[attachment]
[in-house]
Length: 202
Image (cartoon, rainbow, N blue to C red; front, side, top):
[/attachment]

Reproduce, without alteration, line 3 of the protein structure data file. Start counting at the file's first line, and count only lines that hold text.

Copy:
Image (cartoon, rainbow, N blue to C red; front, side, top):